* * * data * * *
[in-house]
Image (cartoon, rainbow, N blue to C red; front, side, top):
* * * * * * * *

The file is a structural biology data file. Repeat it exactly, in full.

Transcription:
[in-house]
Image (cartoon, rainbow, N blue to C red; front, side, top):